Analyses of sediment cores and surface samples collected in Coral Bay, St. John, USVI, reveal four sedimentary facies. The bottom three reflect the natural transgressive evolution of the bay during the Holocene sea-level rise. The surficial facies represents a dramatic increase in terrigenous sediment input since the 1950's. This surficial layer is defined by a decrease in grain size, increase in organic content, increase in terrigenous constituents, and subtle decrease in calcium carbonate content compared to underlying sediments. Based upon 210Pb and 14C dating, accumulation rates have increased by roughly one order-of--magnitude since the 1950's as a result of this increase in terrigenous sediment input. The surficial sediment layer likely represents an anthropogenic signal reflecting the dramatic increase in island development over the past few decades. The surficial “impacted” layer is most pronounced (i.e., exhibits the greatest deviation from underlying sediments) adjacent to the most heavily developed areas, and in protected, low energy regions. It becomes less pronounced in the more open and seaward portions of the bay. This pattern suggests proximity to input and energy level are the dominant controls governing where terrigenous sediments ultimately accumulate. Comparisons with anthropogenically-impacted estuaries along the U.S. Atlantic and Gulf coasts show that, although there are substantial differences in scale and watershed character, all have experienced recent dramatic increases in sediment accumulation. Unlike Coral Bay, however, there is no anthropogenic signal in sediment texture and composition. This may be a reflection of St. John's high-relief terrain, high erodibility of rocks/soils, and intense weathering associated with tropical volcanic island settings.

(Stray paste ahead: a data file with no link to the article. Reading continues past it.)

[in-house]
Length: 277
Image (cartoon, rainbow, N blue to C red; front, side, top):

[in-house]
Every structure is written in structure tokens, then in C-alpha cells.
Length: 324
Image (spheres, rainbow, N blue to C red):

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Vol. 43 • No. 2